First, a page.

The subject of bullying is nothing new. In fact, many schools have implemented programs to address the issue of bullying. It’s important to give children the tools for dealing with bullies.
In this picture book, “Bully” by Judith Caseley, Mickey is having trouble with a classmate and is offered advice from his family. What idea will work?
Read this book with your child and do some role-playing to reinforce some of the suggestions in the book.
Parent-Initiated Discussion Questions
1. Mickey says to Jack, “You used to be a mouse and now you’ve turned into a great big rat!” What has happened in Jack’s life that has changed him? (There’s a new baby in the family and Jack is not getting the attention from his mom like before.)
2. What things did Jack do to Mickey that upset him? (Stepped on his hand, stole his cookies and broke his pencil)
3. When Mickey was helping Dad in the garden what was the good thing that he did? (He talked the problem over with his dad.)
4. What suggestions did Dad have? (Use brave words like: “Stop”, “I don’t like that!”)
5. What was mother’s advice? (Love thy neighbor. Try being nice to Jack.)
6. What finally worked? (Mickey made Jack laugh. But he also did all the other things his family suggested, too.)
7.Did Mickey’s family do the right thing by letting Mickey try to fix the problem himself without them interfering? (Yes)
8. Discuss other ways that Mickey could have handled the problem.
9. Do you think that sometimes a group of students can confront a bully and stand up for the victim?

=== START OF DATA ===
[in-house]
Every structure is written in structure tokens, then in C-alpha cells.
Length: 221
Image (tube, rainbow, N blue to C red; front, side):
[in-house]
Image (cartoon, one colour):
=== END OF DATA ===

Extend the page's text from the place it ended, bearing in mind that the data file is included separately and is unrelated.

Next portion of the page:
10. When is it necessary to get an adult involved right away?
Do some role-playing with your child/children. Introduce the scenarios at the dinner table,while riding in the car or whenever you feel the time is right. You may even want to involve some of your child’s friends in the activity if it seems appropriate. You don't need to do them all at once but create a situation to talk about when the moment seems right.
Suggestions for bullying scenarios:
1. A bigger boy picks on a smaller child everyday after school. You and your friends see this happen.
2. Sue makes Lisa do her homework every night.
3. Sarah is chubby and a group of classmates make fun of her at recess. You feel uncomfortable but don’t do anything.
4. John torments the dog that lives in a house close to the school. The owners are at work. You see this happen on your way to school.
5. The students often play baseball at recess. Whenever Mike is up to bat, the pitcher Josh throws a pitch that hits Mike on purpose.
6. Ashley is saying bad things about Jenny to the other girls. None of it is true.
Use the book “Bully” as a springboard to family discussions. You don’t need to wait until your child comes to you with a problem. Begin talking about dealing with bullies before a problem ever occurs. Encourage your child to come to you when they are troubled by something.
That doesn’t mean that you have to take over and solve the problem for them. Give the child the tools to do their own problem solving. It’s all part of growing up!